Woodbury University Hollywood Outpost’s next show of the Fall 2017 series, There is Only One Paul R. Williams: A Portrait by Janna Ireland, opens on Saturday, December 9th, at 6:00pm. The show will run until January 21, 2018. The exhibition of photographs by up-and-coming Los Angeles based photographer, Janna Ireland, takes a new look at the built legacy of the prolific yet under-appreciated African-American architect, Paul R. Williams. In an intimate and powerful contemplation of a range of Williams’ southern California projects, Ireland’s images provide access to the narratives latent to the creations of a long overlooked genius.
There is Only One Paul R. Williams: A Portrait by Janna Ireland
Saturday, December 9th, at 6:00pm
6518 Hollywood Blvd., Los Angeles, Calif. 90028
Out of a deep interest in identity and how it can be defined by and reflected in space, Ireland ‘gets to know’ Williams who, unrecognized by many, significantly shaped the city and region of Los Angeles. Over a one-year process of thoughtfully exploring the signature design elements of both Williams’ private and public spaces, Ireland has sought out the personality of one of the 20th century’s great, but only recently acknowledged, placemakers. In the details of Williams’ intricate designs, she finds him – the man who, just this year, nearly four decades after his death, was honored with the award of the AIA Gold Medal.
In Janna Ireland’s portfolio, explorations of identity and race, domesticity and place, isolation and time are recurring themes. The nearly 3,000 buildings that Paul R. Williams designed in his five-decade career both mask and lend insight into his quiet and persistent brilliance. Together, Ireland and Williams are a poignant match, inspiring a layering of interpretations between a contemporary artist and a historical architect.
Janna Ireland’s photographs reveal Paul R. Williams’ inner world through the framings of a sensitive eye. By choosing to shoot in all black and white, Ireland directs, and unifies, the focus towards telling features of a smaller scale; her emotive canvases illuminate the lusciousness of Williams’ masterful designs. By emphasizing the curved lines and grand moldings that softened Williams’ modern floor plans, she foregrounds a distinct aesthetic voice behind the quintessential “California feel.”
Paul Revere Williams was born in Los Angeles in 1894. Over the course of his architectural career, he designed nearly 2,000 homes. When he began his independent practice in the early 1920’s, he focused on affordable housing, but quickly scaled up to large estates for affluent and celebrity clients and to public buildings. Some of his more famous residential clients included Lucille Ball and Desi Arnaz, Barron Hilton, and Frank Sinatra. His public buildings include The Palm Springs Tennis Center (1946) designed with A. Quincy Jones, a renovation of the Beverly Hills Hotel (1949), and the LAX Theme Building (1961) designed with William Pereira, Charles Luckman, and Welton Becket. Eight of Williams’ structures are listed on the National Register of Historic Places. Williams worked fluidly within a range of styles, demonstrating excellence across and through historical and modern approaches. He was the first black architect to become a member of the AIA and, later, the first black member to be inducted into the Institute’s College of Fellows. Williams posthumously was awarded the AIA’s 2017 Gold Medal, the profession’s highest national honor made in recognition of individuals whose work has had a lasting influence on the theory and practice of architecture.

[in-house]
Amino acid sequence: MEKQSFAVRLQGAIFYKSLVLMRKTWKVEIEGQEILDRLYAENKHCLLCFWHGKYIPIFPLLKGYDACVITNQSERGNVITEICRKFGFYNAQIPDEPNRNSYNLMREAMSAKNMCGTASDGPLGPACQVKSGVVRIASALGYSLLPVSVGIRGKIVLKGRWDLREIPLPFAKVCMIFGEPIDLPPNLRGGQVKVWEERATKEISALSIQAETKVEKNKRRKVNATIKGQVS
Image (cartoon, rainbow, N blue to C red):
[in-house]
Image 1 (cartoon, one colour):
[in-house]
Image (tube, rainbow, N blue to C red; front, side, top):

Janna Ireland was born in Philadelphia in 1985. She holds an MFA in Photography from UCLA and a BFA from the Department of Photography and Imaging at NYU. Her work has been shown nationally and internationally, including two solo exhibitions at the Schneider Gallery in Chicago and the Tyler Wood Gallery in San Francisco. She was the 2013 recipient of the Snider Prize from the Museum of Contemporary Photography, Columbia College Chicago.
Framed exhibition works, as well as a limited run of photographic prints, are available for purchase. Proceeds benefit the Julius Shulman Institute at Woodbury University – making ongoing support for developing new talents in architectural photography possible.
Special thanks to sponsors:
Located on the iconic Hollywood Boulevard Walk of Fame, the Woodbury University Hollywood gallery (WUHO) provides a welcoming space for multi-disciplinary, boundary-crossing collaboration that supports the study and practice of the design disciplines. WUHO is committed to hosting exhibitions that reposition important voices in architecture and design often overlooked by mainstream sources. In a city that notably does not have a permanent architecture collection in any of its major museums, WUHO provides a venue for emerging designers who would not otherwise have an opportunity to publicly display work. Woodbury University has occupied this 7500 square foot storefront and studio space since 1995 and provides free gallery programming throughout the year.